Spain Reading and Movie List

by Andrea Segura - Wednesday, March 15, 2017

Literature on Spain & Spanish History

  • Iberia, by James Michener. A lengthy, delightful, and essential reading on Spain.
  • The Story of Spain, by Mark Williams. A good readable overall history of Spain.
  • Muslim Spain and Portugal: A Political History of al-Andalus, by Hugh Kennedy. An overview of eight centuries of history. Addison-Wesley, 1997)
  • The Basque History of the World, by Mark Kurlansky. A fascinating look at one of the most ancient cultures in Europe. (Penguin, 1999)
  • The Ornament of the World: How Muslims, Jews and Christians Created a Culture of Tolerance in Medieval Spain, by Maria Rosa Menocal. A look at how three cultures, Judaic, Islamic and Christian formed a relatively stable co-existence from 786-1492. (Back Bay Books, 2003)
  • The Last Jew, by Noah Gordon. Fascinating fiction set in 1492 Spain. (St. Martin’s Press, 2000)
  • The Quest for El Cid, by Richard Fletcher. A provocative study of Rodrigo Díaz de Vivar, El Cid, the 11th century warrior-knight converted to national hero. (Oxford Press, 1991)
  • The Portable Cervante, by Miguel de Cervantes. Various translations in paperback including an abridged version of Don Quixote de la Mancha and others.
  • Jews of Spain: A History of the Sephardic Experience, by Jane S. Gerber. Follows the paths of Sephardic Jews from pre-1492 to today. (Free Press, 1994)
  • Peace in War, by Miguel de Unamuno. A novel of the Carlist War in Bilbao region (Basque country).
  • Ernest Hemingway, For Whom the Bell Tolls or any of his many works about Spain.
  • The Frozen Heart, by Almudena Grandes perhaps is ‘the’ modern Spanish novel. It chronicles the lives of two families from the start of the Spanish Civil War to 2005: their loves, their losses and their victories, the choices they make.
  • The Wind from the East: A Novel, by Almudena Grandes is another strong work by the celebrated author that tells two stories set in Madrid and Andalucia.
  • An Englishman in Madrid (2010) The plot centers on a British art expert who visits Spain in the increasingly chaotic days before war and discovers a canvas which appears to be a previously unknown Velazquez painting of incalculable value.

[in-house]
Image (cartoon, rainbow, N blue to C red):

• Ghosts of Spain: Travels Through a Country’s Hidden Past, by Giles Tremlett (2007). Written by the Guardian’s Madrid correspondent, he provides an outsider’s observation of Spain past and present.
  • The Shadow of the Wind (Spanish: La sombra del viento) is a 2001 novel by Spanish writer Carlos Ruiz Zafón, and a worldwide bestseller. The book was translated into English in 2004 by Lucia Graves and sold over a million copies in the UK after already achieving success on mainland Europe, topping the Spanish bestseller lists for weeks. It was published in the United States by Penguin Books and in Great Britain by Weidenfeld & Nicolson and by Orion Books. It is believed to have sold 15 million copies worldwide, making it one of the best-selling books of all time. (see other books from same writer)
  • Soldiers of Salamis (Spanish: Soldados de Salamina) is a novel about the Spanish Civil War published in 2001 by Spanish author Javier Cercas. The book was acclaimed by critics in Spain and was top of the best- seller book list there for many months. A film adaptation Soldados de Salamina was released in 2003. The English translation by Anne McLean won the Independent Foreign Fiction Prize for 2004.
  • Driving over Lemons: An Optimist in Andalucía, by Chris Stewart. A family’s account of buying a home and surviving in the Andalusian countryside. (Vintage, 2001)
  • The City of Marvels, by Eduardo Mendoza is an international best-seller that that follows a young boy as he travels to Barcelona in the late 1800’s. It is both a tale of the young protagonist and the growth of Barcelona as it develops for the 1929 World’s Fair.
  • No Word from Gurb, by Eduardo Mendoza is a short and funny book written by one of Spain’s most important contemporary writers. It is a tale of two aliens that land in Barcelona for research.
  • Homage to Catalonia, by George Orwell. A compelling read about the author’s travels to Spain in 1936 to report on the civil war.
  • What’s up with Catalonia?: The causes which impel them to the separation, by Liz Castro (2013) takes a look at the Catalans’ aspirations for sovereignty.
  • Catalonia – A Cultural History, by Michael Eaude is an in-depth look at the region.
  • Following the Sun: A Bicycle Pilgrimage From Andalusia to the Hebrides, by John Hanson Mitchell. As a self-proclaimed sun worshipper the author shares his travel journey tales from Spain to Scotland on his old Peugot. His story is filled with history, archeology, lore, and the study of ancient sun worshipping cultures and his conversations with locals along the way. It includes an interesting discussion of the Camino de Santiago.